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    Comparing Wordsworth's 'Ode Intimations of Mortality' to Keats' 'Ode to a Grecian Urn'

    Number of Pages: 5


    Summary of the research paper:

    In this poetic exposition of five pages, genre and structure are discussed in terms of similarities and differences. There are no other sources in the bibliography.

    Name of Research Paper File: AM2_PPodes.rtf

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    Unformatted Sample Text from the Research Paper:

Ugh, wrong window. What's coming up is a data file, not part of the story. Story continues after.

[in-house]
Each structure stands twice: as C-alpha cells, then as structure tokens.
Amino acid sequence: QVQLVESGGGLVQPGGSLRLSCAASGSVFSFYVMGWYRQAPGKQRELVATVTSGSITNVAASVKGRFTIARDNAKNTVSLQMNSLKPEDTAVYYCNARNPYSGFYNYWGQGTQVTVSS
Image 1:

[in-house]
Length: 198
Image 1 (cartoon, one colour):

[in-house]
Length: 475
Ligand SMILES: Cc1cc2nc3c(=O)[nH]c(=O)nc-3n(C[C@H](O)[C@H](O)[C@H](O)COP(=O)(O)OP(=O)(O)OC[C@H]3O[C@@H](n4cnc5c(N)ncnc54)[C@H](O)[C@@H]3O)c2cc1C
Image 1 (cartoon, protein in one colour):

The work of John Keats and William Wordsworth represents some of the finest poetry ever written. A comparison of this work is particularly interesting in that William Wordsworth hails  from the generation of poets which are referred to as first generation poets and John Keats belongs to the categorization of second generation poets. While Wordsworth preceded Keats in  date of birth, however, he outlived him by several decades. Never-the-less, it was Wordsworth who made those first ventures into the literary style of romanticism. Another commonality in  the literary work of these two men is their production of odes. Two odes in particular serve an interesting comparison. These are John Keats regular ode titled "Grecian  Urn" and the more conservative Wordsworths irregular ode titled "Ode: Intimations of Mortality". The ode genre encompasses lengthy poems which thoroughly, and sometimes  rather loftily, explore a particular subject matter. The genre has its origins in ancient Greece and was initially written to be delivered with musical accompaniment. This fact provides the  basis of certain literary characteristics which allow the separation mentioned earlier of regular verses irregular odes. Early on in the history  of odes the expected delivery was through song. Chorus would sing different categoric divisions of the renditions referred to as the strophe, the antistrophe, and the epode. While  the strophe and antistrophe were delivered separately they were identical in structure. The epode, on the other hand, differed from the other two divisions. While only part of  the chorus sang the strophe, with the opposing part singing the antistrophe, the whole chorus sang the epode. There are three types of 

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